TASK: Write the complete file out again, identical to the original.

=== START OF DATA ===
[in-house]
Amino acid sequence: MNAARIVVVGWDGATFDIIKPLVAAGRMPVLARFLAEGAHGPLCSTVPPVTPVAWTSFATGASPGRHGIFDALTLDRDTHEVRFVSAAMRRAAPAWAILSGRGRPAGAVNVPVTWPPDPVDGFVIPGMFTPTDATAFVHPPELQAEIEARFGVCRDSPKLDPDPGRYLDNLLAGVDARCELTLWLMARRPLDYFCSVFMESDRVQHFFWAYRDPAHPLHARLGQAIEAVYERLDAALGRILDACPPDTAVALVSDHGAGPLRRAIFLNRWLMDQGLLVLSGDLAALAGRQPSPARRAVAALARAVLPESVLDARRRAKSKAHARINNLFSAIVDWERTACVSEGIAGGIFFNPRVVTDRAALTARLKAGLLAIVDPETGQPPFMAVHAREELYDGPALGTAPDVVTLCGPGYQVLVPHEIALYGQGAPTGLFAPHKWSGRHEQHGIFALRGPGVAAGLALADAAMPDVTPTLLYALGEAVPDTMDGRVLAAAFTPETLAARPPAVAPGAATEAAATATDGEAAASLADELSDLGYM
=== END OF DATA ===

[in-house]
Amino acid sequence: MNAARIVVVGWDGATFDIIKPLVAAGRMPVLARFLAEGAHGPLCSTVPPVTPVAWTSFATGASPGRHGIFDALTLDRDTHEVRFVSAAMRRAAPAWAILSGRGRPAGAVNVPVTWPPDPVDGFVIPGMFTPTDATAFVHPPELQAEIEARFGVCRDSPKLDPDPGRYLDNLLAGVDARCELTLWLMARRPLDYFCSVFMESDRVQHFFWAYRDPAHPLHARLGQAIEAVYERLDAALGRILDACPPDTAVALVSDHGAGPLRRAIFLNRWLMDQGLLVLSGDLAALAGRQPSPARRAVAALARAVLPESVLDARRRAKSKAHARINNLFSAIVDWERTACVSEGIAGGIFFNPRVVTDRAALTARLKAGLLAIVDPETGQPPFMAVHAREELYDGPALGTAPDVVTLCGPGYQVLVPHEIALYGQGAPTGLFAPHKWSGRHEQHGIFALRGPGVAAGLALADAAMPDVTPTLLYALGEAVPDTMDGRVLAAAFTPETLAARPPAVAPGAATEAAATATDGEAAASLADELSDLGYM